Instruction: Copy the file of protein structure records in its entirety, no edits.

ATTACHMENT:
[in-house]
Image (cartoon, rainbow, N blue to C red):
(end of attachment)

[in-house]
Image (cartoon, rainbow, N blue to C red):